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Old 13th June 2019, 07:59   #841
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Default Re: IT Industry and Employability of Technical Graduates

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I happened to stumble upon Vineet Nayar's "Employee first, customers second" TedX Talk and book.
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Any thoughts on this or perhaps even contrary view points since I don't know much about the HCL's journey.
Well, it is not anything new or unique. I have been following the same principles since 15 years with great results.

From my 2013 post:
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In my company it is the only way to go. I put employees first, customers next. If I take care of the employees, they will take care of the customers. Every engineer in my company, started as a trainee here. I know that every trainee is a potential team leader, architect, manager some day in my company. So I groom them to grow into that role. All my team leaders know that grooming their team members is integral part of their job.
Whether it is really the case in HCL, only HCL employees can answer it. This is a very difficult culture to build, because not every manager at every level thinks like this. It is easier if they start as freshers, but to train lateral hires to think like this will require intense orientation and evangelizing.
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Old 13th June 2019, 13:08   #842
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I guess this is the correct place to share my experience with the Indian IT industry. Moderators, please delete if this is not related to the topic of discussion.

I was born in a family where my dad and most of my relatives were employed in PSUs (electrical or civil engineers). Most of my cousins ended up becoming engineers overseas, while the remaining few stayed back and became doctors or joined the armed forces. However, I knew from quite an early age that I wouldn't end up following those paths. I loved learning languages, but I hated calculus, and I still don't know how I got 50% in my board exams. After school, I did not have too many options. I ended up with a miserable rank in the Kerala state engineering entrance exams, but that did not deter my parents from getting me an admission in an engineering college. I somehow completed the course (Before anyone asks, I did not cheat) in 5 years. I still hated calculus, and I also realized that I had no interest in programming. That meant that I could not get a job from any of the recruiters that came to our college.

Jobless and having barely completed graduation, I knew that I had to act fast. I knew that I wouldn't be so lucky if my dad bought me a seat for M Tech. I told my parents that I wanted a break, and that I had decided to travel. I spent a month travelling across India. Most of my destinations were cities where my friends worked. I spoke to them and got an idea of what happens in a workplace. During one of these conversations, I got to know that there were multiple roles in the software industry other than development or management. One such role interested me, and I decided that I would try to become a technical writer. I joined a technical writing course (based on the promise that they would help me find a job) and learnt the basics of technical writing. I kept my options open, and chose to join a small company based in Gurgaon. I took an instant liking for what I was doing, and kept my mind open to learning anything related to my job. I always tried to do my best in whatever I did. Now, eleven years later, I'm still a technical writer, though I added some recognizable and fancier employers to my resume, and I am still enjoying every second of work. I am also lucky enough to earn more than many of my friends who chose to stay in India. Just for reference, I earn approximately 5 times what my wife (a test engineer with the same number of years in the industry, and consistently good appraisals) earns.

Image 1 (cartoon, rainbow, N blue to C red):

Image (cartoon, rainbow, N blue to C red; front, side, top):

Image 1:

I believe I got lucky. However, that luck was partly earned because I understood my strengths and weaknesses quite early. I kept my mind open for opportunities that played to my strengths, and never gave up. I also never compared myself to my more successful relatives or friends.

Last edited by Rehaan : 13th June 2019 at 15:01. Reason: Correcting: could > could not. As per discussion.
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Old 13th June 2019, 14:35   #843
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Default Re: IT Industry and Employability of Technical Graduates

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That meant that I could not get a job from any of the recruiters that came to our college.
Glad you found your calling inside the industry itself.

Last edited by Rehaan : 13th June 2019 at 15:02. Reason: Corrected in original post (and quote). Thanks.
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Old 14th June 2019, 08:09   #844
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Default Re: IT Industry and Employability of Technical Graduates

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I believe I got lucky. However, that luck was partly earned because I understood my strengths and weaknesses quite early. I kept my mind open for opportunities that played to my strengths, and never gave up. I also never compared myself to my more successful relatives or friends.